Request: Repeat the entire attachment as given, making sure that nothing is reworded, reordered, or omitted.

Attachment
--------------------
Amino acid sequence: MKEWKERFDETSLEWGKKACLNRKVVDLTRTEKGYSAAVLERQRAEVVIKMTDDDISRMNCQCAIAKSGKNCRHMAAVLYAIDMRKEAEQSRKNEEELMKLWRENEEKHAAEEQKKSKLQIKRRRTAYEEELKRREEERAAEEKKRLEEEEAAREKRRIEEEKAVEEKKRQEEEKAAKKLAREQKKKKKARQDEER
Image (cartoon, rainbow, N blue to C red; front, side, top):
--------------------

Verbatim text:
Amino acid sequence: MKEWKERFDETSLEWGKKACLNRKVVDLTRTEKGYSAAVLERQRAEVVIKMTDDDISRMNCQCAIAKSGKNCRHMAAVLYAIDMRKEAEQSRKNEEELMKLWRENEEKHAAEEQKKSKLQIKRRRTAYEEELKRREEERAAEEKKRLEEEEAAREKRRIEEEKAVEEKKRQEEEKAAKKLAREQKKKKKARQDEER
Image (cartoon, rainbow, N blue to C red; front, side, top):